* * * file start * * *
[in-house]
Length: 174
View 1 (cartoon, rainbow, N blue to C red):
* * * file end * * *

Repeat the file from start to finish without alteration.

[in-house]
Length: 174
View 1 (cartoon, rainbow, N blue to C red):